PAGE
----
WORDS ON BIRDS 

Birds Celebrate Storm’s Passing
November 04, 2017
By Steve Grinley


     I was awakened by what sounded like a freight train coming through the house. Once I gathered my thoughts, I realized that it was the sound of wind blasting through the trees around the house. It was loud - very loud, and I glanced at the clock that read four o’clock, which also meant that the power didn’t go out!

     I decided to get up and check to be sure that there wasn’t a tree or limb down on the house or cars. Seeing the trees bend in the wind and looking at the empty brackets off the deck railing I was glad that I had taken in all the bird feeders before the storm hit. It also made me wonder where the birds took shelter, and how they could survive such a fierce storm.

     Everything else looked fine outside, though the creaking trees and howling winds would keep me awake the rest of the early morning. As the skies lightened a few hours later, I could see the trees, now more bare of leaves than the day before, still swaying in the subsiding wind. Through the bare branches, the pre-dawn sky looked eerie, a pale, unfamiliar color previewing the sunrise.

     As I sat drinking my coffee, watching the sky brighten above the feeder-less deck, a downy woodpecker dropped down to the railing. The downy is often the first bird to appear at the feeders in the morning. He looked confused as he glanced back and forth at the empty brackets, not seeing the usual feeder arrangement that presented breakfast. I could hear him calling “pip” each time he turned his head, clearly agitated at his missing handouts.

     I was clearly derelict in my duty. I took out the suet feeders first. As I stepped outside to hang them, I was amazed at the wall of song that hit me. Birds were calling and singing everywhere! It was like a May morning, almost deafening in bird song after the presence of so few birds over the past weeks.

     Finches were chattering, titmice squeaking, chickadees calling their names, nuthatches, downy and red bellied woodpeckers, screaming blue jays and crows cawing in the background. Even a few robins were singing in the trees! I also heard the Carolina wren, which we haven’t heard in weeks, giving his static call - the one that sounds like moving a thumb across the teeth of a plastic comb. Were all the birds rejoicing over the storm’s passing? Were they all checking on each other to know if everyone was OK?

     I hung the suet feeders and before I could bring out more feeders, the downy was already feeding on the suet. I brought the thistle feeder out next for the finches and filled a tray of fresh sunflower hearts and millet. I spread a few of the sunflowers along the railing hoping the blue jays would come down, realizing full well it would invite the squirrels too. I put some dried mealworms in the tray and along the railing, just in case the Carolina Wren visited.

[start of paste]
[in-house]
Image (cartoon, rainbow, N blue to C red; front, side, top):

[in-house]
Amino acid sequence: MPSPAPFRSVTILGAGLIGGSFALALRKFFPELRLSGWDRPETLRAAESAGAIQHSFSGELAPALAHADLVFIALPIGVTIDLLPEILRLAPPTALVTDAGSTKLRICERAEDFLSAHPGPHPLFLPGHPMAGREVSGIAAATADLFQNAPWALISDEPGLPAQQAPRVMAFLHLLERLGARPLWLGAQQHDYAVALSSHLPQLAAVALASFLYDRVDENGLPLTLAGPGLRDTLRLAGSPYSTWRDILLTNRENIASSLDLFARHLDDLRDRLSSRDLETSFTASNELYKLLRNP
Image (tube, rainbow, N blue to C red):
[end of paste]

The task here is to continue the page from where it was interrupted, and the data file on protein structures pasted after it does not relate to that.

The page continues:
I brought out the mixed seed feeder last, the one that usually sees the most activity. I returned inside and sat to finish my coffee and to watch the feeding frenzy. But the feeding frenzy never happened. It suddenly all stopped! Even the downy woodpecker and the few goldfinches were gone! Did I take too long to take the feeders out? Was I being punished for not having them out in the first place? Did they all move on to a better venue? Hard to know. So I decided to get ready for work.

     By the time I left the house, all the song had quieted. Since this “morning after” event , things were back to normal. The rest of the week, the small numbers of usual suspects visited the feeders as they had been doing for the last month or so. Three downy woodpeckers, two red-bellied, three titmice, two chickadees, two nuthatches and several goldfinches are all regulars.

     We have heard juncos in the yard a couple of times, a new “yard bird” for us, but they haven’t found their way to the feeders yet. Also new to the yard list, Margo spotted a large bird flying through the woods along the creek. It was very light in color and at first she thought that it might be an owl. She saw it land and was finally able to locate it with the binoculars. It was a great blue heron! The storm earlier in the week had the stream running quite swiftly again, so the heron was likely looking for a fresh meal!

Steve Grinley
Bird Watcher's Supply & Gift
Route 1 Traffic Circle
194 Route 1
Newburyport, MA 01950
BirdWSG@Comcast.net

978-462-0775
www.birdwatcherssupplyandgift.com

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